for (i = 0; i < sURLVariables.length; i++) {
        sParameterName = sURLVariables[i].split('=');

        if (sParameterName[0] === sParam) {
            return sParameterName[1] === undefined ? true : decodeURIComponent(sParameterName[1]);
        }
    }
};

You just need to write a script that passes the orderId in this function to get a variable with your orderId inside. Then you can use it wherever you need.
Hope this helps

3 Likes

@Gail_Ranger, thanks for all these thoughtful comments. All workflows seem more feasible now, I need to go and experiment…but I’m quite intrigued on your workaround for workflow C: you’re saying redirect the user after form completion to the checkout page, or integrate the checkout experience within the form? These are quite different. I mean, my dream would have been to allow someone to simply hit a button and do both actions, submit form AND pay…but from my understanding I cannot really embed Webflow’s native checkout within the form right?

@pepperclip You are absolutely right. Well spotted! How did miss that? Haha. That’s great news to validate one of the workflows. So, now I just need to move my form to the order confirmation page, and pass the order id from the URL to a hidden field. This should work! I’ll get back with feedback here. Thanks a million!

I think @pepperclip solution’s is a more efficient checkout from a coding perspective.
I guess from a user’s perspective the checkout is page typically the final step. My thought on Workflow C was something like a multi-step form where the details are collected before adding the product and checkout buttons in the subsequent steps. I haven’t tried that option before so I don’t know if there are any obstacles.

@LucaVJ I had a quick look at implementing workflow C (modified version) and it seems viable with some custom code.

@Gail_Ranger So custom code that intervenes where exactly? Can you elaborate a little? From your description of workflow C, I interpret 2 scenarios:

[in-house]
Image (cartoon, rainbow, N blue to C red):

1. a simple redirect to a checkout page after submitting a form?
  2. an integrated checkout at the end of a form, but preceding form submission AND checkout button?

I assume you are refering to scenario2 where custom code handles this workflow?

@LucaVJ I’m thinking along the lines of scenario 1 with custom code (cc):

  1. Collect the form data (cc)
  2. Add product to cart (cc)
  3. Redirect to checkout (simple redirect)
  4. Post form data on confirmation (cc)
    My comment on it being viable was based on testing out step 2 and 3. I don’t have a (non-live) ecommerce site to evaluate on right now…
1 Like

Got it! Just want to make sure I understand this correctly:
[Step1] Collect the form data. Why cc? Are you suggesting not using webflow’s native form block and a html hard-coded one? why?
[Step 2 and 3] Quite stragithforward. I guess in [Step 1], you can provide a dropdown or radio-sytle option fields options of choosing between say 2 or 3 payments plans, and then pass that information through the redirect so that the checkout page is relative/unique to the selction?
[Step4] is confusing. I thought form data had been posted already in[Step 1]?

Thanks for these valuable comments, I feel I’m multiplying options as we speak!

Save me from reinventing the wheel. :+1:

The URL format is https://{site-name}/order-confirmation?orderId={order-id}&token={token-id}

e.g.
var orderId = getUrlParameter('orderId');